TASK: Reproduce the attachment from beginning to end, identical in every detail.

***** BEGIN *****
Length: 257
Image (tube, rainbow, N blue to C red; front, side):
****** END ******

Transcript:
Length: 257
Image (tube, rainbow, N blue to C red; front, side):